Hume on Causation, Relations and “Necessary Connexions”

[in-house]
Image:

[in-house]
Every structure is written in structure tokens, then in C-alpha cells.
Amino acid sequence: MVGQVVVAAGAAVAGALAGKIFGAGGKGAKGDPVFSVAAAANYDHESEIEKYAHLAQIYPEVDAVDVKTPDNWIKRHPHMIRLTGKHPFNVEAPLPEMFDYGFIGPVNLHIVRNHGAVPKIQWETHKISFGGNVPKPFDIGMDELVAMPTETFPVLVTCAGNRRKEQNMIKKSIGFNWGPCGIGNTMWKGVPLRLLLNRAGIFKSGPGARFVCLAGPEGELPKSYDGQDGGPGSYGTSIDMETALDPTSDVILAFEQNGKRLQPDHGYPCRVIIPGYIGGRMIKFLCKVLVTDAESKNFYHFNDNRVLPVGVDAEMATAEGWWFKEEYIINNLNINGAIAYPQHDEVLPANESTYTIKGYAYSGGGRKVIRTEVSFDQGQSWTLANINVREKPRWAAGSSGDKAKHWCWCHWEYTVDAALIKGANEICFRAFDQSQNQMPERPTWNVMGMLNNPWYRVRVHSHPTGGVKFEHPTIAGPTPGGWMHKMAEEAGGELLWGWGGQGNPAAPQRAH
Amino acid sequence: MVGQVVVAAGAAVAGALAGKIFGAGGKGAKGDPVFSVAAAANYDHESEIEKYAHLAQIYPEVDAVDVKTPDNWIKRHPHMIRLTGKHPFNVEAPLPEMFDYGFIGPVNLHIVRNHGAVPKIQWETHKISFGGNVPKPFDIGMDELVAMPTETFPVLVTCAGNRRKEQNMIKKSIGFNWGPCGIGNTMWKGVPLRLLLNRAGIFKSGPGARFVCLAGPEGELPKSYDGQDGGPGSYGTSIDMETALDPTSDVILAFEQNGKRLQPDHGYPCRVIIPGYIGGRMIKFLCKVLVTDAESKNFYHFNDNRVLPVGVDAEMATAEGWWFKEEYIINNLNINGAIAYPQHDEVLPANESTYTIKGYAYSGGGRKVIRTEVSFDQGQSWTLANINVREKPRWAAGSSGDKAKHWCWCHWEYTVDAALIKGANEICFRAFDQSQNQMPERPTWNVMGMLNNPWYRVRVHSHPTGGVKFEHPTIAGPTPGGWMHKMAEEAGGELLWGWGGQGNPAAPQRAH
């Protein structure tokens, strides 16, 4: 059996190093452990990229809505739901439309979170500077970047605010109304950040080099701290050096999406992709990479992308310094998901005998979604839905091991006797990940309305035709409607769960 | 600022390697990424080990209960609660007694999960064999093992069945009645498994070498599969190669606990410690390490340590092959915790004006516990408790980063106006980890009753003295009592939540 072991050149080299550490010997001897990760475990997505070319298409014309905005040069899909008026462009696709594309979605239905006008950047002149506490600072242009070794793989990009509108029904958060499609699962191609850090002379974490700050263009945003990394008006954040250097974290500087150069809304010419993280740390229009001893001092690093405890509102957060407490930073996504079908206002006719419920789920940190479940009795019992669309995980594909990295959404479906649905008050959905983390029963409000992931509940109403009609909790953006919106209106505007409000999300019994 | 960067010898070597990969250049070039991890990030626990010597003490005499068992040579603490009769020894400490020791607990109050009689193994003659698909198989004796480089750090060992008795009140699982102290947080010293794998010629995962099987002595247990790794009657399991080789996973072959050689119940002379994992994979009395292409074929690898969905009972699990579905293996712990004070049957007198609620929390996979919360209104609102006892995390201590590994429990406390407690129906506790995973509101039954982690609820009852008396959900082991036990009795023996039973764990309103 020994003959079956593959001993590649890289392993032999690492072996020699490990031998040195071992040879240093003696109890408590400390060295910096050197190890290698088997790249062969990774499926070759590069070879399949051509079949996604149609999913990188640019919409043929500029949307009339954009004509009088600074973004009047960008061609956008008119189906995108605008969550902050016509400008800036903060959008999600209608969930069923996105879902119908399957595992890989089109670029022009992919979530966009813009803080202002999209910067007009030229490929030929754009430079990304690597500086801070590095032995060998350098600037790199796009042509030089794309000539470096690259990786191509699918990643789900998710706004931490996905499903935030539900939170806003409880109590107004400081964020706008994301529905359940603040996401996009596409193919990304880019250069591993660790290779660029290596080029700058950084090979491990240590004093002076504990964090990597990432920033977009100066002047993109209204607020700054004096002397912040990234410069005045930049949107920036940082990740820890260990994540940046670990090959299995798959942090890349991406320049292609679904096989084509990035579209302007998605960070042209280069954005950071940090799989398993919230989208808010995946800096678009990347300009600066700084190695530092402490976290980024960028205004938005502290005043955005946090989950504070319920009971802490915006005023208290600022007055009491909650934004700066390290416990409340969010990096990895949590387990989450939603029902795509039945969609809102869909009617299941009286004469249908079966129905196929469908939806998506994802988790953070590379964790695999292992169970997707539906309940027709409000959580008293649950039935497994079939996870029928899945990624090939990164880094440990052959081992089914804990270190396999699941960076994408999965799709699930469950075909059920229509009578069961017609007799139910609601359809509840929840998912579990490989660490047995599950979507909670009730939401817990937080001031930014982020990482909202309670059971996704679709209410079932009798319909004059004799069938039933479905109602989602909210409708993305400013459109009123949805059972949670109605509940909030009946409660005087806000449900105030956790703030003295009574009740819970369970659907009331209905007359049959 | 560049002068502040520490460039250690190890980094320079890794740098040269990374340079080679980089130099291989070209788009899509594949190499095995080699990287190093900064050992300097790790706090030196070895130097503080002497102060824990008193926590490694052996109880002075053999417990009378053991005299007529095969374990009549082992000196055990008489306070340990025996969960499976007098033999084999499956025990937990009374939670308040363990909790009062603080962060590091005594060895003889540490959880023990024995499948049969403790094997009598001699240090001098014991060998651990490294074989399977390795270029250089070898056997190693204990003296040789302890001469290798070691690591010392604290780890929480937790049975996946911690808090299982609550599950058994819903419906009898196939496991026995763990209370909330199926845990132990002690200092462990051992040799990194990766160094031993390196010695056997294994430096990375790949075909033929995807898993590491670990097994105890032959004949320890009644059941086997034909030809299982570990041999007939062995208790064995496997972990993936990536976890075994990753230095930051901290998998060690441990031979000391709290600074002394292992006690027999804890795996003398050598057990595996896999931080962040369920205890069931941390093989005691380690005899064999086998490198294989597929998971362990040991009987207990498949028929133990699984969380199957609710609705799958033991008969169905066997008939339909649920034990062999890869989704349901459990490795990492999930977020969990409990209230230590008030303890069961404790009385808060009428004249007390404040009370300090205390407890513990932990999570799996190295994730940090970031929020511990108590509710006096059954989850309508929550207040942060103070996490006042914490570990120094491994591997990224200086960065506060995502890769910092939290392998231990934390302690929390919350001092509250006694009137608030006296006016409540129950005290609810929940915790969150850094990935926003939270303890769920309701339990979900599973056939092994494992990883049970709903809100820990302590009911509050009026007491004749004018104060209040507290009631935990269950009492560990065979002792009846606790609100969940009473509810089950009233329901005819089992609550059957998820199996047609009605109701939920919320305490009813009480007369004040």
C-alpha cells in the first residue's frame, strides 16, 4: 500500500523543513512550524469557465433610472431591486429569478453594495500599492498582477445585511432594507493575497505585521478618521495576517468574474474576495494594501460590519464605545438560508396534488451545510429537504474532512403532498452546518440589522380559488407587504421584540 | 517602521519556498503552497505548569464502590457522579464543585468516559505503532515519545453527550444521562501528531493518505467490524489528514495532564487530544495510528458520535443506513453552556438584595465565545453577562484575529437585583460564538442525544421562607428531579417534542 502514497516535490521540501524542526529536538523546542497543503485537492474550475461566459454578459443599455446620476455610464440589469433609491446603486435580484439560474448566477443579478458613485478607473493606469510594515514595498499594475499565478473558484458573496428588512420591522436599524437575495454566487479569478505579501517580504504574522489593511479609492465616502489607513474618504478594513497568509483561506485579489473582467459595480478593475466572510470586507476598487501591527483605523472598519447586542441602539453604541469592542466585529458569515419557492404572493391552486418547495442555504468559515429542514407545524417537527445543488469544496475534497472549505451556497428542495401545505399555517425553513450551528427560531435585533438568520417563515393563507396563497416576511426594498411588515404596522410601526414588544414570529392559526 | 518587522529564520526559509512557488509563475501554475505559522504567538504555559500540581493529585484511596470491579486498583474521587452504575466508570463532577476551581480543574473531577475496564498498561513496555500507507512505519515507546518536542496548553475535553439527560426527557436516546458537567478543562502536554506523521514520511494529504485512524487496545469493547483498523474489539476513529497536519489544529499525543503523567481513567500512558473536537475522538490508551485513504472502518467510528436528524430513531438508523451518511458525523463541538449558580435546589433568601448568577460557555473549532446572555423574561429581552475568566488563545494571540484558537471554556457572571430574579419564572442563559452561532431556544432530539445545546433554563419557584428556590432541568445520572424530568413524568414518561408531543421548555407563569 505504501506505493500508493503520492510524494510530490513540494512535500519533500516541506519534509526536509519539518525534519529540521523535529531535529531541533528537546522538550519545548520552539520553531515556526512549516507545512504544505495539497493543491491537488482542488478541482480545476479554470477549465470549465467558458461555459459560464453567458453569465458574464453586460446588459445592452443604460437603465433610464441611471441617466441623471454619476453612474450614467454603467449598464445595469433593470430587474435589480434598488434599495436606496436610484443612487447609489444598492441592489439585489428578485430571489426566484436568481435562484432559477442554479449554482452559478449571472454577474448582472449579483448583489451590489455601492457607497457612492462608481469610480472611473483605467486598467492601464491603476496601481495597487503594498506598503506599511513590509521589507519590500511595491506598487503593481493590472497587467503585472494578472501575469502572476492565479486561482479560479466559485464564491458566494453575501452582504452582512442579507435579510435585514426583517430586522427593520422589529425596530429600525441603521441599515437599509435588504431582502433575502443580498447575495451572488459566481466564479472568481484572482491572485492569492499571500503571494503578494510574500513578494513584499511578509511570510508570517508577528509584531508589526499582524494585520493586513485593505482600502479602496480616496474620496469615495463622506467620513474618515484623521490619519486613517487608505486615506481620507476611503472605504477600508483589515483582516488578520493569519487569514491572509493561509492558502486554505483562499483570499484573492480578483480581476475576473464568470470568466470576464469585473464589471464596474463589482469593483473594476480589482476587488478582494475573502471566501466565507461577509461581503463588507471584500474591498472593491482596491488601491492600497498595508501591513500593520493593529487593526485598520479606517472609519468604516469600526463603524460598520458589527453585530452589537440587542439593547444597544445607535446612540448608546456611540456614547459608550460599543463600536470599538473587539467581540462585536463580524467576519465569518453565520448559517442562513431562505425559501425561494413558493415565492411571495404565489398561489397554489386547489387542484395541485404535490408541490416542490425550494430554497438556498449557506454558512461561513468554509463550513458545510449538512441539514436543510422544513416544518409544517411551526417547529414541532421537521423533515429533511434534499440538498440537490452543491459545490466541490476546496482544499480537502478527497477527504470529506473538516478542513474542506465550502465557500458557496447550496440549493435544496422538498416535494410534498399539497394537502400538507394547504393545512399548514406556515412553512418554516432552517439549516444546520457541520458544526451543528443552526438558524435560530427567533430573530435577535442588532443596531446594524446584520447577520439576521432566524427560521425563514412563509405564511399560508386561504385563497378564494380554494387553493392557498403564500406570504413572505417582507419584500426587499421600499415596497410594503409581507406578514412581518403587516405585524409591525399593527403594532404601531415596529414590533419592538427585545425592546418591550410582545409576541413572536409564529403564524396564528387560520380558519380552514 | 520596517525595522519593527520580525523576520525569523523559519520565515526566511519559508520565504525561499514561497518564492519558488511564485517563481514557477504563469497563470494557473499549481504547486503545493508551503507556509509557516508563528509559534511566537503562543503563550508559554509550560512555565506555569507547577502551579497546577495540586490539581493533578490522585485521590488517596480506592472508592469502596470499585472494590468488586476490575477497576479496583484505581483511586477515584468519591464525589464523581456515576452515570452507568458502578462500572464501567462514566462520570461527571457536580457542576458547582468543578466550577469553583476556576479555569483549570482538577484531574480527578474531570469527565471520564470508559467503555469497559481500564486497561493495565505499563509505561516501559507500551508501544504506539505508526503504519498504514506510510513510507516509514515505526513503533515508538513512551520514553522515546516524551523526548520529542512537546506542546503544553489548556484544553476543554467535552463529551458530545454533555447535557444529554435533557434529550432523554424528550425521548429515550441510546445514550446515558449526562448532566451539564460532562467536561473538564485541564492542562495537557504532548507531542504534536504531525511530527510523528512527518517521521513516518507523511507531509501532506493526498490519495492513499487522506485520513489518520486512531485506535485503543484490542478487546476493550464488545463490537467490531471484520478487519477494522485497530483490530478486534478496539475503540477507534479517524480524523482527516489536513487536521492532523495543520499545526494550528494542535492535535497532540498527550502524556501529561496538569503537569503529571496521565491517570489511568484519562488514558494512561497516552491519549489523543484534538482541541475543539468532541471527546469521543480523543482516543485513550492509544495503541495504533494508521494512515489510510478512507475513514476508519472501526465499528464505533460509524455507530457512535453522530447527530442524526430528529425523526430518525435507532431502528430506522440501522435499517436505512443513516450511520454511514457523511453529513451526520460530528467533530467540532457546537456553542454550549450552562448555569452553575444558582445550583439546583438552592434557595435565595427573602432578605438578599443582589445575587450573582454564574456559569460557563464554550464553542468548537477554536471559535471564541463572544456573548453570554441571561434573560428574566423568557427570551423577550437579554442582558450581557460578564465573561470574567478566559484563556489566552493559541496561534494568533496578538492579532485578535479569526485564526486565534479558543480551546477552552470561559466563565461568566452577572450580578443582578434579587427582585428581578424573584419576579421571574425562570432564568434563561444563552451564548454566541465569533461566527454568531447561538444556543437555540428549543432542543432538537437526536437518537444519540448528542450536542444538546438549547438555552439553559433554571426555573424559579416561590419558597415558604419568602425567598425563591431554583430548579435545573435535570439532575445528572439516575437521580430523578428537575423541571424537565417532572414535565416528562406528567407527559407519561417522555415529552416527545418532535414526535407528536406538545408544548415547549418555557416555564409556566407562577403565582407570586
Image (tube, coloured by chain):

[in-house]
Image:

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A specter is haunting Hume scholarship: the specter of the “New Hume.” Contrary to more traditional interpretations, according to which Hume rejects belief in any conception of causation that invokes (metaphysically) necessary connections between distinct existences, proponents of the New Hume hold that Hume at the least allowed for the possibility of such connections—it’s just that he thought we couldn’t know much, if anything, about them, if we assume that they do exist. I will argue that the views of the “New Humers” (as I shall call them) are mistaken. I will begin by discussing their reading of Hume on causation, using Galen Strawson as a foil. I then examine the relation between Hume’s view of relations (pun intended) and his account of “necessary connexions”. Next, I argue that this account, once properly understood, shows that he did not believe in what we would think of as necessary connections while at the same time explaining why, as the New Humers point out, Hume sometimes writes in ways that can make it sound like he does, as well as reconciling Hume’s two definitions of causation. After that, I answer objections, and then raise some doubts about Hume’s account before finally concluding the paper.
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